Joseph Coughlin, director of MIT’s AgeLab and a recognized authority on technology and aging, has been appointed by President George W. Bush to the advisory committee for the White House Conference on Aging, an influential, once-a-decade meeting that in the past has led to, among other things, the creation of Medicare and Medicaid.
During the course of his year-long appointment, Coughlin is helping to plan the conference and writing a white paper about the policy implications of the aging of the baby-boom generation. After the December conference, he will work with committee members to suggest ways to implement the conference findings.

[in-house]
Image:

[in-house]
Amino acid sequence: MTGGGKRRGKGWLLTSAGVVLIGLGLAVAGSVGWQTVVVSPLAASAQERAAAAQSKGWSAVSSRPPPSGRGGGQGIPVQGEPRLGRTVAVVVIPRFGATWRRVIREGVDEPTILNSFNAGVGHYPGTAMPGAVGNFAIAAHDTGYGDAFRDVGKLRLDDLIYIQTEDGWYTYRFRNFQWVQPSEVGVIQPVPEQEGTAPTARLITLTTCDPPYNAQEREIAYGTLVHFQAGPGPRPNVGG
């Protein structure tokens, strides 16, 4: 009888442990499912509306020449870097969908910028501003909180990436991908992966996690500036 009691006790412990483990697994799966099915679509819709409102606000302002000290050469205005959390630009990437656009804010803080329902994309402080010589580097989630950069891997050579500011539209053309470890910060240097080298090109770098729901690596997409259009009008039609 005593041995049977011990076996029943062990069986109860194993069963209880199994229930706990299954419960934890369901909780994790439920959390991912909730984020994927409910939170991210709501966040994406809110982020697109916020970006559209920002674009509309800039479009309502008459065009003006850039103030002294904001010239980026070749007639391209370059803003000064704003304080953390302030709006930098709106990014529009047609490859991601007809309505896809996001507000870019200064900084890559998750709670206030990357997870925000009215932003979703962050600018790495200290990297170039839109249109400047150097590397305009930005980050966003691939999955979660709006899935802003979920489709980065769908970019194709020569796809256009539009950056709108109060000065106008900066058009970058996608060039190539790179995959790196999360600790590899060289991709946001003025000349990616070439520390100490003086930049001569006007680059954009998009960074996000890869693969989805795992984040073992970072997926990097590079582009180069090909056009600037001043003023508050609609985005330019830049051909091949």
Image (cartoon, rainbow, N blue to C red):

Coughlin says his advisory role, which should require about one day a month of his time, “dovetails seamlessly” with the AgeLab’s work: improving transportation for the elderly and learning how to make and market the technologies people will need as they age so that they adopt them now. For example, the lab is working to change the car so that people can drive longer, safely and confidently, and will market these safety improvements to people of all ages.
“Aging is a call to innovate in optimism,” Coughlin says. He hopes to use the conference to get transportation on the national aging agenda and to draw attention to the need for people to plan ahead. – By Kevin Bullis, SM ‘05